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To Cancel or To Delay?

Alec Jaspersen, Contributor

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Picture this: You’re a high school student, watching the news, and the weather report says the roads will be completely frozen over or three feet of snow will come tonight, or maybe even that temperatures are going to be -20 degrees all day. You think school will be canceled and you’ll have the day off, yet the reality is you receive a two hour delay, and the roads are still frozen, covered in snow, or your car still won’t start because it’s colder than the average surface temperature of Mars.

When it comes to school cancellation, Prior Lake is notoriously stubborn about the schedule. Every other school in the district (Burnsville, Lakeville, Jordan) could all cancel, but Prior Lake will stay the course. Sometimes it seems that it will take Armageddon itself to make PL even think about it, but they’ll probably just delay classes if worst comes to worst.

The problem with two hour delays is that they don’t work: they just delay the inevitable. The roads will still be covered in snow, they’ll still be frozen, and it will still be too cold to start the car. On top of that, delays cause the school hours to be shorter, making it harder for teachers to finish the lesson before the bell rings, a lesson that was meant to take 40-50 minutes, not 35. Because lunches must be a half hour long, the non-lunch hours are scheduled around the lunch hours, which makes for a very strange and confusing period structure of 1-3-4-2-5-6. It would be much easier and far less confusing to cancel instead of going through the mess of rescheduling.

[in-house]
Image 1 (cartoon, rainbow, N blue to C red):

Teenagers are rarely seen driving brand new, state-of-the-art vehicles with all kinds of traction control systems, brand new tires, and strong batteries. More often than not, teenagers will be driving 15-20 year old cars that have very rudimentary, or even no traction control, and worn out tires and old batteries, a combination which is not good for the cold weather, ice, or snow. In fact, it could be deadly.

If a teenager is driving to school after a two hour delay and the road salt hasn’t melted all the ice or the plows haven’t gone through the roads, it is very likely that they could lose control and get in a serious accident. If their battery is dead and they don’t have any other ride, then they have no way to get to school except walking, which presents a whole new set of dangers in cold weather.

Because of this, school should be cancelled rather than delayed. It would save teachers stress about getting their lesson through in a shorter time, it would save students confusion about the schedule, and it could possibly even save students’ lives by not forcing them on dangerous roads. It should be common sense, but they do say common sense isn’t all that common these days.

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To Cancel or To Delay?